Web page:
On a question of Gaifman concerning invariant measures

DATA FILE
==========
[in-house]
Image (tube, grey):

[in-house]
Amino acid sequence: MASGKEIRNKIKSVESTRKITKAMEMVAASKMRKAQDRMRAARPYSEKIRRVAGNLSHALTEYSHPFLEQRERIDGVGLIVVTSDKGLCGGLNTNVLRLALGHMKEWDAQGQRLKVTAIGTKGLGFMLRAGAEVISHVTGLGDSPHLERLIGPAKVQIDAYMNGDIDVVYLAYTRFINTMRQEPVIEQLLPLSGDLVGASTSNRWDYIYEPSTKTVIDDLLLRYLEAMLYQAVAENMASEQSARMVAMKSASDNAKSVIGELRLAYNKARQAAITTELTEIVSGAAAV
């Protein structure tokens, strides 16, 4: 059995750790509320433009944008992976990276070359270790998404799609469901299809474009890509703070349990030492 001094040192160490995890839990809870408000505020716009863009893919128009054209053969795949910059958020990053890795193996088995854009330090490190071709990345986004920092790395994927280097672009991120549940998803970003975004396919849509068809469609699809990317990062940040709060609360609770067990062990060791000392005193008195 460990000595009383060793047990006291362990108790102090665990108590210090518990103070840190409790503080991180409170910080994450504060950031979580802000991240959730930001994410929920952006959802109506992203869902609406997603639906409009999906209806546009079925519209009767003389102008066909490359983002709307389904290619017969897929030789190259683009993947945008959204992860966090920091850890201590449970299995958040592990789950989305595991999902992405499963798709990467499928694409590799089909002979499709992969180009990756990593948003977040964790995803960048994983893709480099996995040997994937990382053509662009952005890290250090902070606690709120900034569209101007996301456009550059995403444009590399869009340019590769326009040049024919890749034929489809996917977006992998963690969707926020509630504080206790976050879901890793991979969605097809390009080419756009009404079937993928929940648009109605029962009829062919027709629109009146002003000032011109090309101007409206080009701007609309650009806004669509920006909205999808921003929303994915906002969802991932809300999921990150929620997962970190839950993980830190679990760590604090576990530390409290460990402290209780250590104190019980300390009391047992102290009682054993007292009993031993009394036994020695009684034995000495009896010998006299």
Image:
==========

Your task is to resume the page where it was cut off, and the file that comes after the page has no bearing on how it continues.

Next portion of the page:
In his 1964 paper “Concerning measures in first order calculi” Gaifman introduces the notion of a symmetric measure-model: a measure on the formulas of a first order calculus that is invariant under permutations of the elements instantiating the free variables of each formula, where these elements come from some fixed domain. To each symmetric measure-model there is associated a measure on sentences, which we can think of as a random (consistent) theory that the measure-model satisfies. Gaifman shows that every such random theory has a symmetric measure-model satisfying it. However, the symmetric measure-models that he constructs sometimes, necessarily, assign positive measure to instantiations of the formula “x=y” by unequal elements. Gaifman goes on to pose the question of characterizing those classical theories that admit symmetric measure-models without this pathology — those with so-called `strict equality’. In this talk I will show that when the instantiating domain is the set of natural numbers, a symmetric measure-model with strict equality is essentially a probability measure on a space of structures, with underlying set the natural numbers, that is invariant under the logic action. I will then give necessary and sufficient conditions for a classical theory to admit such an invariant measure, thereby providing an answer to the question posed by Gaifman. This is joint work with Nathanael Ackerman and Cameron Freer.